Disable Output Escaping in XSL

Really, just a reminder for myself, but if you work with SharePoint long enough you’re bound to end up using something like the Content Query Web Part or a Data View Web Part to aggregate and output a rich text source – but all your HTML gets escaped, so it appears content on the page.

The command you want is DisableOutputEscaping:

<xsl:value-of select="somevalue" disable-output-escaping="yes" />

This will cause the HTML to be output unescaped – i.e. as HTML.

Side note: Sometimes people want things like the CQWP to show the first part of the content as a ‘summary’. This trucating content to display in the CQWP or DVWP is difficult; either a) you risk having unfinished tags in the HTML you do emit, or b) you have to strip out all HTML, which can ruin your formatting. a) is a particular problem, as unfinished <table> tags can cause all sorts of weirdness on page.

My preferred option is to have a additional ‘summary text’ box that accepts plain text, and have the author generate the summary manually. That way we avoid outputting HTML like that entirely.

Disable Output Escaping in XSL

More about frozen panes…

So, I’ve been working with ‘Frozen’ panes in tables in HTML. The problem is, some of these tables are, well, a little big. Like maybe 100 cells square. I found that the technique mentioned earlier in my blog didn’t work very well, as the scrolling on the DIV tag became slow and jerky.

This makes sense really – each cell is having it’s CSS rerun each time. Then it struck me – the styles were defined as:

td.frozen {
padding: 3px;
position:relative;
top: expression(document.getElementById('pane').scrollTop-2); /*IE5+ only*/
z-index: 5;
}

This mean that ‘getElementById’ was being run repeatedly. However, the style’s JavaScript was being run before ‘onload’. I just couldn’t run the ‘getElementById’ to populate a global variable after the element had been created, but before the style expressions were run. Instead, in a moment of clarity, I changed the style to:

td.frozen {
padding: 3px;
position:relative;
top: expression(getPane().scrollTop-2); /*IE5+ only*/
z-index: 5;
}

And added a script:

var pane;

function getPane() {
if( pane == null ) {
pane = document.getElementById(“pane”);
}
return pane;
}

Thus, we only run getElementByID once – the first time a CSS style’s javascript expression is run. This worked – the DIV tag now scrolls much more quickly, certainly not so as users will notice any lag.

More about frozen panes…

Styling Checkboxes with JavaScript

I’ve been reading recently about how to do Styled Checkboxes. Well, this was something I was working on too – and naturally, I like my way more.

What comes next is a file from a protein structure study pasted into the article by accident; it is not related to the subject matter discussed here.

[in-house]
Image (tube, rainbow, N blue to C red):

How it works
When the page loads, the JavaScript in checkbox.js checks all of the INPUT tags on the page. If they are a checkbox, and have BOTH and imgOn and an imgOff, then the INPUT tag has its style set to hidden, and the appropriate images are added to the DOM. They’re floating, though, and so are positioned where the checkbox was on the page.

When you click on one, it changes the state of the underlying checkbox (it’s still there, just hidden), and displays the image appropriate for that state.

When the form is submitted, the checkbox is submitted as normal.

As a user leaves the page, on unload the code in checkbox.js tries to tidy up after itself, although I’m a little concerned about memory leaks after some interesting articles I read recently.

Known Issues

  • These controls are not part of the tabindex. My friend Bruce Sandeman has been working on a version of this where the images are ‘tabable’, but is struggling to turn the border of the images off. I’ve included the code anyway – see checkbox2.js. I’ve not reviewed it yet, so user beware!
  • It’d be nice to hand all events on to the original checkbox for handling.
  • At the least, some sort of mouseover/mouseout? It’s not so obvious that these are checkboxes, at least with the demo images I’ve chosen.
  • I’m a little concerned about memory leaks given some things I’ve read recently and my use of closures. If anyone knows how to prove/prevent any leaks, let me know, that would be cool

How to Use

Real tricky this – include the checkbox.js file in your HTML page.
<script src="checkbox.js"></script>
Then, in the HTML for each of your checkboxes, add two new attributes – ‘imgOn’ and ‘imgOff’. The value of these attributes should be the path to the images you want to use for the checked (‘on’) and unchecked (‘off’) states.

<input type="checkbox" value='2' imgOn='tick.gif' imgOff='cross.gif' />

and with luck, that should be you done.

See the code below: Continue reading “Styling Checkboxes with JavaScript”

Styling Checkboxes with JavaScript